Regardless of what profession our children will chose as adults, the ability to be persistent, and to analyze, generalize and come up with the most efficient solution to any problem is a skill that they will always need.
“Why learn math? Because it develops orderly minds,” said 18th century Russian mathematician Mikhail Lomonosov. It would be ideal if schools could guarantee our children’s orderly mind development through top quality math education delivered by top quality math teachers, governed by top quality math standards and using top quality math textbooks. Until that happens, and while policymakers debate new standards, tests, and methodologies, families can do a lot to foster orderly minds at home.
• Develop your child’s reading comprehension skills. Many students freeze when facing a word problem with four or more sentences, due to a lack of reading comprehension skills. Help your child become a good problem solver by summarizing and re-telling books you read together.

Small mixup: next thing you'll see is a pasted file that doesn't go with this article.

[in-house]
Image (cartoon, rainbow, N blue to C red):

• Play math games as a family. The 24 Game is excellent in developing number sense. You can start at any level – from basic addition to fractions and exponents. The game SET develops number sense, spatial visualization and logical reasoning.
• Let your child experience the joy of a challenge. Learning how to “attack” a difficult math problem is a lesson in persistence. Encourage your children to do math outside of school and participate in Math Olympiads to get a “taste” of advanced, thought-provoking, non-routine problems.
• Instill in your child a strong belief that effort is the only variable we can control. Children are very sensitive to “unfair” praise just as they are sensitive to unfair blame. Praise children for not giving up on a difficult problem and newly acquired skills. Focus on earned accomplishments rather than on natural abilities.
Alla Korinevskaya HAS nearly 30 years of experience as a mathematics teacher and administrator. she is a graduate of UCLA’s Graduate School of Education and has served on the California State Board of Education. She is a contributing writer to Kiddish Magazine.